Biobased plastics (also called plant-derived) are made from a renewable resource such as corn starch. Polylactic Acid or PLA, is a commonly recognized bioplastic. PLA is made by fermenting the dextrose from a hydrolysis of corn starch. The product of this fermentation process, lactic acid, becomes the basic building block for polylactide plastics which can be digested by the microorganisms found in commercial compost facilities.
Compostable plastics biodegrade in a composting environment yielding water, CO2 and biomass. They biodegrade at a similar rate to other known compostable materials. Compostable plastics can be plant based but they can be petroleum based as well. The biodegradability does not depend on the raw material but entirely on the chemical structure of the polymer chains. BASF® Ecoflex® is a good example of a compostable polymer which is partly petroleum based but is compostable at industrial compost facilities.
For both biobased and compostable plastics, the presence of microorganisms, high temperatures, humidity and oxygen at an industrial compost facility provide the ideal conditions for the plastics to break down rapidly.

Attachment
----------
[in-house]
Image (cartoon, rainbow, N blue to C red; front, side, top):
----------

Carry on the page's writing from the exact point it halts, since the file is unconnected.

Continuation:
At a compost facility, the microorganisms like bacteria will produce enzymes that break down the long and flexible polymer chains of compostable polymers into smaller and smaller molecules through a chemical process called hydrolysis which causes these molecules to split.
This can happen only if the polymer chains contain bonds called ester bonds that can be broken by hydrolysis. With the addition of water, hydrolysis splits these bonds into alcohol and organic acid.
Eventually, the compostable polymer molecules become so small that they can be digested by the bacteria found in commercial compost facilities.
Organix Solutions BPI® approved compostable liners contain both PLA and BASF® Ecoflex® resin. Within 45 days, our compostable bags - and the food waste they contained - have been turned into valuable nutrient rich compost.
BPI® Certification and the ASTM D6400 standard
In order to be recognized as a biobased or compostable plastic they must meet the ASTM D6400 standard which requires:
- The product must physically disintegrate to the extent that it cannot be "readily distinguishable" from the finished compost product
- The product must actually biodegrade (be consumed by microorganisms) and a rate comparable to know compostable materials
- The product cannot have adverse impacts on the ability of the compost to support plant growth.
For bioplastics to meet these requirements, they must undergo specific tests by approved laboratories. The Biodegradable Products Institute (BPI®) provides independent verification that a bioplastic product has passed the criteria outlined by the ASTM 6400 standard. The product can then carry the widely known and respected BPI® logo certifying the product as compostable.